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GUILTY

Cindy Maddera

Someone recently posted this blog post by Rumya Putcha at Namaste Nation on a yoga teacher Facebook group I am part of. It is a very eye opening read and I have not been able to stop thinking about it. Rumya Putcha discussed the mis-appropriation of 'namaste' and cultural appropriation of upper class white women and yoga. Yoga is thought of and marketed as a white woman's domain. I have become hyper aware of the lack of diversity of people in yoga studio classes. I will be sitting on my mat, waiting for the class to begin and I'll look around the room. We all look alike and this makes me very uncomfortable. I don't tell you that to garnish some kind of sympathy or "Oh, no Cindy. You don't need to feel uncomfortable." I DO need to feel uncomfortable. This should make me feel out of place. 

“When you’re white in this country, you’re taught that everything belongs to you. You think you have a right to everything. … You’re conditioned this way. It’s not because your hair is a texture or your skin is light. It’s the fact that the laws and the culture tell you this. You have a right to go where you want to go, do what you want to do, be however—and people just got to accommodate themselves to you.” Ta-Nehisi Coates

My first exposure to yoga was in a gym setting. In fact, I did not attend yoga classes in yoga studios until yoga teacher training. Yoga was/is a workout option. There was no talk of the spiritual side of yoga or stories of the Gods who inspired these poses. The teacher said 'namaste' at the end of every class and we just nodded our heads in response. I didn't know the meaning of that word. I just assumed it was some sort of goodbye/thank you/blessing. Like ending a prayer with 'amen'. I have a giant Ganesh tattoo on my back, not because I am Hindu, but because I like elephants and was attracted to this Hindu God because of his elephant head. I did do my research before having him permanently placed on my body and I love this tattoo. But I do question what right I have to put Ganesh on my body in such a way. It is hard to admit because no one wants to admit to being part of the problem, but I am part of the problem.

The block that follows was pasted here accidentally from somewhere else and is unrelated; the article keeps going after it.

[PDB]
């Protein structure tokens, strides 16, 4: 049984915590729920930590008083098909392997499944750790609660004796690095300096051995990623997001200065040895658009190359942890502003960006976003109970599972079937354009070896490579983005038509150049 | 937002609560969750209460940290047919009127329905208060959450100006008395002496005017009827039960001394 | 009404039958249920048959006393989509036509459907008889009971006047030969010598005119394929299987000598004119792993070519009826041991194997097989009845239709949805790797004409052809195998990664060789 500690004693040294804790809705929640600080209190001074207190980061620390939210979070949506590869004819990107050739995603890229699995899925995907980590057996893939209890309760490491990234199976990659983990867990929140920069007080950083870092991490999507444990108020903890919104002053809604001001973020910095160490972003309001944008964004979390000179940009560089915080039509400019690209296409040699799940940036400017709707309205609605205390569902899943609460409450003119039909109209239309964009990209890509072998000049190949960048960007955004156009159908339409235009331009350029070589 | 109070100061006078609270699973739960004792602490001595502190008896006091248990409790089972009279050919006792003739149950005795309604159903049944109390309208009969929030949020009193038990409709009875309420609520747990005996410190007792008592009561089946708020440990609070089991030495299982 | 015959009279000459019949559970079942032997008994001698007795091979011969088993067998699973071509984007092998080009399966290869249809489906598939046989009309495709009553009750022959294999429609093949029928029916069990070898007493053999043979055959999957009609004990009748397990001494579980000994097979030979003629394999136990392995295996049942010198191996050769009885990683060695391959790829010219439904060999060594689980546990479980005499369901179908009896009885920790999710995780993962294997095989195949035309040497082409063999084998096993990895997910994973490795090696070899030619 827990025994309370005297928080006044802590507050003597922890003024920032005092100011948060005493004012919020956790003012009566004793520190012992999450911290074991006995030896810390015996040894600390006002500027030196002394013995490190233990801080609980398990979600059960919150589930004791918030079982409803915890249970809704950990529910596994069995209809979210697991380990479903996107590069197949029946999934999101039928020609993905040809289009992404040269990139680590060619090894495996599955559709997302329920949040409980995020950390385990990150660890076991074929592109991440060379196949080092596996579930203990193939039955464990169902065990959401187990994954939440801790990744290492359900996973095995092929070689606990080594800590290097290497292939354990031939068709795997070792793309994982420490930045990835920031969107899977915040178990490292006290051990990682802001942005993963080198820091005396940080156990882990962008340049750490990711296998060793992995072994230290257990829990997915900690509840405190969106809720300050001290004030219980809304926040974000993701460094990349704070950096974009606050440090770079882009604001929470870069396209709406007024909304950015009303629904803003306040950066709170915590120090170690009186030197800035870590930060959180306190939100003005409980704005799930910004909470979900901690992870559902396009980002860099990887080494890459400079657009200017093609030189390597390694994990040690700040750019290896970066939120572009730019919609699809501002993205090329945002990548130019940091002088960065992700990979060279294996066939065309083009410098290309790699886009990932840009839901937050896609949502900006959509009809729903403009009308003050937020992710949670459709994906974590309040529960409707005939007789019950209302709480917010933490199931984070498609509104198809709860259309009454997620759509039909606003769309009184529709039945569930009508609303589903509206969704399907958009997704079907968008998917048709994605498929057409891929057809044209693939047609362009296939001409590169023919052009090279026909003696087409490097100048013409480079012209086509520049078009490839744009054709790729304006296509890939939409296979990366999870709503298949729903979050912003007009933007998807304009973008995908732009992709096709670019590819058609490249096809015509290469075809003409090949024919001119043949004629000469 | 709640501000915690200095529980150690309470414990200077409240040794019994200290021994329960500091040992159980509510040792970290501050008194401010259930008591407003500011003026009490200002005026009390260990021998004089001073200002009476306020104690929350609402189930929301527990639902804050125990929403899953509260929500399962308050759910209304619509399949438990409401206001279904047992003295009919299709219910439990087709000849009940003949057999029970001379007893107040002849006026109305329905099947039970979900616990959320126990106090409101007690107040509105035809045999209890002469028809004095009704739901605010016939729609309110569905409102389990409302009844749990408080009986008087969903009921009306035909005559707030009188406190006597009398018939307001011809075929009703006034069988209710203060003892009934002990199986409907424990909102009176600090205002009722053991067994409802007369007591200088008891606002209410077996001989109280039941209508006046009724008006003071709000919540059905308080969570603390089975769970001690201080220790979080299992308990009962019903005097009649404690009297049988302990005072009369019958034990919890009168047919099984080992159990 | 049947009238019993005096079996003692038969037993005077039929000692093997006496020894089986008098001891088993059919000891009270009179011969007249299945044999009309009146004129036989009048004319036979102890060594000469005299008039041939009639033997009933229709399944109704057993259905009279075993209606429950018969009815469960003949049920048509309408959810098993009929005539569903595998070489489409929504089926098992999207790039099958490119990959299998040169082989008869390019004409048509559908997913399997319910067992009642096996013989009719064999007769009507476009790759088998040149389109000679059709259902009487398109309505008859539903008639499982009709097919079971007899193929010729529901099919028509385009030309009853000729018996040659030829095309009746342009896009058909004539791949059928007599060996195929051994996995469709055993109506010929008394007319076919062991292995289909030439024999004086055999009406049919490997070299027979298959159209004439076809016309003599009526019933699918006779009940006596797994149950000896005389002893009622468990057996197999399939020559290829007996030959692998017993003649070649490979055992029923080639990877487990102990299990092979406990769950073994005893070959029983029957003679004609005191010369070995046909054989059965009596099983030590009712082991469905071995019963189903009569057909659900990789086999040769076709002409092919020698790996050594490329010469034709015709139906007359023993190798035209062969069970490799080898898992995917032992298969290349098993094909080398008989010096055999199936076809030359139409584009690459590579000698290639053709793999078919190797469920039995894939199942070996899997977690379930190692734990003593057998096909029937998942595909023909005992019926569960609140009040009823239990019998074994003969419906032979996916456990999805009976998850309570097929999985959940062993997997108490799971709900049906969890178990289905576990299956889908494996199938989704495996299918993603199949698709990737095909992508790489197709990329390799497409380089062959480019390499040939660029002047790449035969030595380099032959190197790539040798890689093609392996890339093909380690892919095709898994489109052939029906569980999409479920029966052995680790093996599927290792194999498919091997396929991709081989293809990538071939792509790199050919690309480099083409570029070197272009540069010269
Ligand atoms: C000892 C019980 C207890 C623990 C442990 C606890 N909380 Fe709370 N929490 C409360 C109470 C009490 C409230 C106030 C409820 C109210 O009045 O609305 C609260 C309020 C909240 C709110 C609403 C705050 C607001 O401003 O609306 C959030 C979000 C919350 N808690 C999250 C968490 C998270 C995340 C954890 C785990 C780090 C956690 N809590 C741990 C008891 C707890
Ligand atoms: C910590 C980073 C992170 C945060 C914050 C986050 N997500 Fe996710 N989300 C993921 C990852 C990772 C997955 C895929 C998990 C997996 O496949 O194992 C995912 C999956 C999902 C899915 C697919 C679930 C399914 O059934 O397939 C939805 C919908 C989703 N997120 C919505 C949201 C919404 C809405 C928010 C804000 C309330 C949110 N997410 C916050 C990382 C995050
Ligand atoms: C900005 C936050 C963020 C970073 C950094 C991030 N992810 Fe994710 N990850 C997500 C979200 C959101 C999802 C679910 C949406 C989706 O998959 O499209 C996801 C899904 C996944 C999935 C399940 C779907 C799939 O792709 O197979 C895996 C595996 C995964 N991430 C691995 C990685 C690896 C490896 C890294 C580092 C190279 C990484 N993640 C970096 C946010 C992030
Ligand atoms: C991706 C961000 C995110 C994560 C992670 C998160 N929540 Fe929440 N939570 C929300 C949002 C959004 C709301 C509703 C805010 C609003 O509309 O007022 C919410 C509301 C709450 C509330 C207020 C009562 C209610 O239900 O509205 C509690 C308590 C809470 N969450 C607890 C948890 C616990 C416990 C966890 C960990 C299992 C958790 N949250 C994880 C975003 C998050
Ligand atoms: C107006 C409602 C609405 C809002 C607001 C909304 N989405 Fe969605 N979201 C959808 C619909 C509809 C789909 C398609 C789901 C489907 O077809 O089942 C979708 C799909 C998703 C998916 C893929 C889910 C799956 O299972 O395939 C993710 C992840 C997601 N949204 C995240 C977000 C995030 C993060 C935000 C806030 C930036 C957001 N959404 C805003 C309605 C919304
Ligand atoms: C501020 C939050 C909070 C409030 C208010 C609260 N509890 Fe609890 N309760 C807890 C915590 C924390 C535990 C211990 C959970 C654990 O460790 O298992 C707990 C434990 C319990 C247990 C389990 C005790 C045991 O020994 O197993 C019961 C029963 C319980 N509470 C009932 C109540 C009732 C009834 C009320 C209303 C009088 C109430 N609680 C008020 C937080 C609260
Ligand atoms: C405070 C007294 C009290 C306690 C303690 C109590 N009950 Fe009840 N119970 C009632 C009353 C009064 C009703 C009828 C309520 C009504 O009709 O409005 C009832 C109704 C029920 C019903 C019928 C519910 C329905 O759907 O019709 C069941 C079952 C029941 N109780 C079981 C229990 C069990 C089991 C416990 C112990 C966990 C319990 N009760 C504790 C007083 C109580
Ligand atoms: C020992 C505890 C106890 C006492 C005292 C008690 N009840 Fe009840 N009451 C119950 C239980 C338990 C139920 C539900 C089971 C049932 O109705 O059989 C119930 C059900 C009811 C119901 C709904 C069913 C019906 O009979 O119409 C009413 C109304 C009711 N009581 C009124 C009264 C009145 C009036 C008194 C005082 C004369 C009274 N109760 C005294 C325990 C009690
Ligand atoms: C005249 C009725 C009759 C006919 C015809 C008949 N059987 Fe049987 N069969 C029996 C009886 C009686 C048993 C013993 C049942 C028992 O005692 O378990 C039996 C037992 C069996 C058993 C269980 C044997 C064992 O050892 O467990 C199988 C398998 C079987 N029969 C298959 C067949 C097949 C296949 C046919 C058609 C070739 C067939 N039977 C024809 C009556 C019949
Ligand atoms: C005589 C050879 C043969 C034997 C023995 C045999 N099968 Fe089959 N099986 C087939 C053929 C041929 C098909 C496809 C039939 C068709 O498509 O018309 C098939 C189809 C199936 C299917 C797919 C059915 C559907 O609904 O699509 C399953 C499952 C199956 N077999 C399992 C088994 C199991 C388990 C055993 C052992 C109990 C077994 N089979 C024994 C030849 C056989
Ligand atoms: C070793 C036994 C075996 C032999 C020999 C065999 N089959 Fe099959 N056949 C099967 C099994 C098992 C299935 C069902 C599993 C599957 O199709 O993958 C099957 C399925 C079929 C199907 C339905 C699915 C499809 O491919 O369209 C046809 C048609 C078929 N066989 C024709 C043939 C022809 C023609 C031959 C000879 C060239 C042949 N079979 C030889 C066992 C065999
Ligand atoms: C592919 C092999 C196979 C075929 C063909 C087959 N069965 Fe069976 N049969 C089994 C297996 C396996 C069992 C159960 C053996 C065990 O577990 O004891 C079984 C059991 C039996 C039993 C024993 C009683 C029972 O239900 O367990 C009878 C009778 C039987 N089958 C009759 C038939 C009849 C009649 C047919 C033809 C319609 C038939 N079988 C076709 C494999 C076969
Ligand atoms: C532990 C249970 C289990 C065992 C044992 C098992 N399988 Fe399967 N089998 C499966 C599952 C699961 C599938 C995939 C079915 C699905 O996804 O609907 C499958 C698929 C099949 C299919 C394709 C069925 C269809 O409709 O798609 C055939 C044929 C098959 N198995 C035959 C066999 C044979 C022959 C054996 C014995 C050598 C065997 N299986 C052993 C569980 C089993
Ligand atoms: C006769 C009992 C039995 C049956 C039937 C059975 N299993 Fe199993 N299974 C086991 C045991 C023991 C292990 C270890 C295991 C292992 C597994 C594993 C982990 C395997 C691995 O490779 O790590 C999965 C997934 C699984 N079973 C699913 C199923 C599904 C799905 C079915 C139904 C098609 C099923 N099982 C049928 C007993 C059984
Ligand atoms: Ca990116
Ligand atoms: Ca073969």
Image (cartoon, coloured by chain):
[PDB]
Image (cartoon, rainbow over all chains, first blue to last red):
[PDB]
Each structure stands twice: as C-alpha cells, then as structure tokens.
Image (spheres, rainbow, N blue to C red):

I see my mistakes and I'm working on being part of the solution. My roommate in college was full blood Cherokee. She used to invite me to her home in Stilwell Oklahoma mostly because she didn't have a car and missed her family so much. She would say "Drive me home this weekend and we'll have Mom make Indian tacos and we'll go to a stomp dance." I always agreed because her family was so nice and I loved going to the stomp dances. The dances would run late into the night and into early morning and I watched for hours as Cherokee men and women danced in a circle. I would help my college roommate tie on her tortoise shell shakers that fit the length of her shin and was always surprised by the weight of them. The dances were beautiful and mesmerizing but I never participated unless my roommate specifically dragged me into the circle. I was very aware that I was an outsider and that I had no claim to this culture.  This is how I should also approach yoga. I do not lay any cultural rights on yoga. It is a gift that has been brought to our Western society, a gift that should be treated with more respect. 

I chose to teach yoga at the Y because I thought it would be the best way to bring the benefits of yoga to a more diverse group of people. I teach my students how to move safely into yoga poses and to challenge themselves physically. I teach my students to focus on their breath and how linking your breath with your movement aids in calming the mind. I encourage my students to find joy in their practice. I do not teach the spiritual side of yoga. We do not chant or "om". I still say 'namaste' at the end of class. I don't know if it is the right thing to do any more. I say it, fully meaning the sentiment behind the word: that which is beautiful in me salutes that which is beautiful in you. But my students don't know that this is the meaning of namaste. This is another mistake on my part. When you know the meaning and reverence of something, you are more likely to be more reverent with that something. You are less likely to toss around a sacred word like namaste.

This is true for all languages and cultures.